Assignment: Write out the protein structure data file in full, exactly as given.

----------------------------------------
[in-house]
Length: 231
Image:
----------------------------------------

[in-house]
Length: 231
Image: